If you’ve not heard of Camsur Watersports Complex (CWC) you’ve been living under a rock. As the Canadian season is estentially 4-5 months, at one point or another most of the Canadian riders have spent at least a winter at CWC. It is a home away from home, an oasis to those who just want to ride. You’ll meet fellow wakeboarders from all over the world, and get to spend 13 hours a day enjoying the sun and wakeboarding.

While we’ve all either experienced or added it to our bucket list, there is a a lot of knowledge and insider tricks that can make your trip/stay a little more enjoyable and stress free. Local Ontario boy and Windmill Lake Manager, Kirby Kostuk and friends are just made the journey for the first time. Over the next month, Kirby will be sharing his first hand experiences, and giving tips and tricks to making sure you have the best stay possible.


Alex Nelles straps in ready to session one of the 2.0 pools | Photo: Kirby Kostuk

Twenty-five hours, three planes, and a quick bus ride later you will find yourself on the other side of the world. A few minutes later, you’re handed the keys to your temporary home situated in a paradise many dream of. Welcome to Camsur Watersports Complex, aka, CWC.

Rewind back to September 2015: Jake Liley, Alex Nelles, and myself crammed into a small bus along with a handful of our best friends. We all decided to make the trip to Surf Expo a little more fun by making it a road trip so we could  hit up all the wake parks on the way from London, Ontario to Orlando, Florida. On a messy night out after the Humanoid launch party, the idea of travelling to the Philippines to ride and experience CWC was sparked. What started as a fun and wishful idea soon became a reality and a pretty big commitment once we sat down to #bookit.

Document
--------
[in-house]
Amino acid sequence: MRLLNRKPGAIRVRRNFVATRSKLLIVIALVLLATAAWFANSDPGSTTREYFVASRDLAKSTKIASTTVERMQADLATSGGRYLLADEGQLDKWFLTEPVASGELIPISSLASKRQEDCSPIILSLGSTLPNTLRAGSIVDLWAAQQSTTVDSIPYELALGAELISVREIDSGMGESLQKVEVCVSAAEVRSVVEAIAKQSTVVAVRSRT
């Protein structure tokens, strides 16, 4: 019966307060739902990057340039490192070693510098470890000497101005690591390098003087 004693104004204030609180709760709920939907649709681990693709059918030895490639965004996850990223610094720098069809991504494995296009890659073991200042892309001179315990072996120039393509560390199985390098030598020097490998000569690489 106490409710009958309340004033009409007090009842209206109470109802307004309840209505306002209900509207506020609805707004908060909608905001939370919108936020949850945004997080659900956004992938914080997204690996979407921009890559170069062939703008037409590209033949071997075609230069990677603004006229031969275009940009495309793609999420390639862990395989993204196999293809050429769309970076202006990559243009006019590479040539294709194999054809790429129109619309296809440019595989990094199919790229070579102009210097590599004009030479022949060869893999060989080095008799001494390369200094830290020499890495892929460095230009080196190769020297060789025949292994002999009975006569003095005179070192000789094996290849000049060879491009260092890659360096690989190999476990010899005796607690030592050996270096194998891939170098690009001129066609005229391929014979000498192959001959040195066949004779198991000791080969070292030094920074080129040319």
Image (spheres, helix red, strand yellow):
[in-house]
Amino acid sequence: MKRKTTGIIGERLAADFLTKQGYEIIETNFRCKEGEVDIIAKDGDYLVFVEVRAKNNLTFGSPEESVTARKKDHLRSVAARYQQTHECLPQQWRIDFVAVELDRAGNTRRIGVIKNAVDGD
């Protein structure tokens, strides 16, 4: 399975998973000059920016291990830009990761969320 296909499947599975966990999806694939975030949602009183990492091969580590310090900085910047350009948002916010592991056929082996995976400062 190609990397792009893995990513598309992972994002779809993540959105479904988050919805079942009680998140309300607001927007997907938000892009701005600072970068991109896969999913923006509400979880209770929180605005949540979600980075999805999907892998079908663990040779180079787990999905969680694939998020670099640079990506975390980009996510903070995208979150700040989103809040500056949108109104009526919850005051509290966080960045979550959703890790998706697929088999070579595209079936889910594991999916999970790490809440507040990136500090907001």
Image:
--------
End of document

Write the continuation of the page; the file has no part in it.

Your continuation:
We left Toronto Pearson International Airport at 10:55pm, followed by a brief stop in Vancouver and a four hour layover in Manila that seemed to last forever. Finally, we landed on the tarmac in Naga and were welcomed by an overly excited Filipno man holding a branded CWC sign. Upon arriving at CWC, we were granted the keys to our small wood cabin and a wrist band to ride our hearts out for 31 days. A little tip to anyone booking CWC; any stay over 30 days will buy you a trip to the Naga City immigration office to extend your passport to the following month – a task we haven’t tackled just yet.

Jake on his way back to our cabin from watching the sun rise. | Photo: Kirby Kostuk

As soon as we unloaded our bags into our cabins we had to get our boards out and ride. Once you set eyes on the compound and slowly take it all in, you get this overwhelming excitement that makes you want to ride immediately. Despite our fighting efforts against the jet lag, our first official day at CWC started with a 5:00am wake up. The time change is so gnarly – 12 hours ahead of home. I opened our rough plank cabin door to find Jake and Alex on the beach catching the sunrise. Watching the sun emerge from behind Mount Isarog is a sight to be seen, and made the early wake up worth it. We were greeted by a guy by the name of Boom, and within a few minutes of chatting, we found out he was a fellow Canadian. He would be the first of many friendly people we meet on the way. After eating corn flakes topped with fresh mango, a few coffees, and 150 PHP later (roughly $3 CAD) we were ready to start a full day of lapping. A huge tip a few friends shared with me before coming here was to bring sunscreen. We’re really the only people who use it here, so it is very expensive to buy once you’re here. For me, summers at home usually involve a one-time burn that turns into a good base tan. But here, it is totally different, which I found out the hard way. Since you can ride no vest, I decided to do a leisure lap at the end of the day and got a wicked burn. Go to Costco and grab the 6 pack of Coppertone, you’ll thank me later.